As a consulting engineer, you will be responsible for providing solutions for technical problems and, in some cases, to meet regulatory requirements. You might be designing, supervising, or inspecting engineering work, providing technical assistance, or completing environmental impact studies. Consulting engineering will appeal to those who want to solve technical problems while having some variety in their work. Consulting engineers in the United States earn an average of $93,532 per year.
This career is expected to grow 4% between 2018 and 2028 and produce 12,800 job opportunities across the United States.
6. Process Engineer
Process engineers are responsible for maximizing output and minimizing waste in a process. Since chemical engineering graduates are trained to do this, process engineering roles are perfect for them.
A process engineer looks at a process to see where there are inefficiencies that can be fixed. Doubling back in a process or waste that is not recycled back into a process are examples of inefficiencies. A process engineer would redesign the process or change its parameters to make the process as efficient and cost-effective as possible. This could mean changing equipment, switching up the order of the process, or even completely redesigning the process.
Process engineers in the United States earn an average of $108,770 per year, and have an expected job growth of 4% between 2019 and 2029.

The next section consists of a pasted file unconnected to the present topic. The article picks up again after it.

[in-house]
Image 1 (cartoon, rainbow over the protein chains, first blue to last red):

7. Water Treatment Engineer
Water is one of the planet’s most important resources. Besides being used for drinking, water is used in agriculture, manufacturing, and thousands of other industries. As such, it needs to be protected and managed now so that it can be enjoyed by future generations. Water that people use for drinking can come from a contaminated reservoir, requiring treatment before it can be consumed. Contaminated water produced by the resource extraction industries needs to be dealt with before it can be disposed of. The list goes on.
Chemical engineering graduates fit perfectly in the water treatment industry. While studying chemical engineering, they may receive training in process engineering, biochemistry, and waste treatment, all of which are in demand in the water treatment industry. They work with communities, governments, and private organizations to design and maintain systems that will meet their specific water treatment needs.
American water treatment engineers earn an average of $88,771 per year.
8. Production Engineer
Many production processes have a lot of moving parts, and when something goes wrong, the process can grind to a halt. Production engineers are responsible for monitoring equipment and production processes, and troubleshooting any problems that may come up. . Much like process engineers, they may also work to find ways to improve and optimize processes.
Chemical engineering graduates are well suited to production engineering because, as part of any chemical engineering degree, students must intimately know the ins and outs of a process, how to design equipment, how to improve a process, and how to solve problems. Production engineers often work under pressure, because the longer a process is shut down, the more money is lost. It can be a stressful job when things go wrong, but it’s very rewarding when you keep your processes running smoothly!
In the United States, production engineers earn an average of $88,020 per year. Their job outlook is good, as there is an expected job growth of 10% in their field between 2019 and 2029.
There are so many different opportunities for chemical engineering graduates in such a wide range of industries that you can make your career (almost) anything you want! While each role will present unique challenges and requirements to overcome, no matter what role you choose, as a chemical engineering graduate you will have an extremely rewarding career.